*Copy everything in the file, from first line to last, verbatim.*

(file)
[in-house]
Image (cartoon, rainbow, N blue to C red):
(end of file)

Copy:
[in-house]
Image (cartoon, rainbow, N blue to C red):